Meneses, Rita Wengorovius Ferro (2011)
Ph.D. thesis, University of Birmingham.
The meaning and experience of ‘empathy’ was investigated for this thesis. A mixed approach was utilized, with a strong qualitative accent. There was evidence of an ‘intuitive’ social understanding which appears to be theoretically and experientially distinct from the two prevailing models of empathic understandings (intellectual, or explicit simulation theories; and sympathetic, or implicit simulation theories). Phenomenological views on intersubjectivity were the principal interpretative framework.
The first Chapter reviews two main theoretical meanings of empathy: empathy-as-knowing, or understanding someone’s experience (empathy), and empathy-as-responding to someone’s experience (sympathy).
The second Chapter describes the study of the folk psychology stories and definitions of ‘empathy’; and their resemblance to the various theoretical meanings.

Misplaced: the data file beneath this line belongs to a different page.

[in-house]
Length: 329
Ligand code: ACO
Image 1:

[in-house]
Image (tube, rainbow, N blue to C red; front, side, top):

The third Chapter summarizes Edith Stein’s phenomenological views about empathy-as-knowing; and compares these views with more contemporary approaches.
The fourth Chapter describes the study of the essential qualities of the experiences of ‘insight into’ the experiences of another (resonance), alongside experiences of feeling understood by another (reception). Social understandings happened by thinking, listening, perceiving and experiencing.
The fifth Chapter describes the study where pairs of participants were invited to share their stories of a prior happy experience with each other, and then to scrutinize their recent interpersonal understandings during joint ‘cued-recall’ interviews. There were intuitive, sympathetic and imaginative social understandings.
The sixth Chapter is an overview of the overall findings associated with sympathetic, intellectual, and intuitive understandings.
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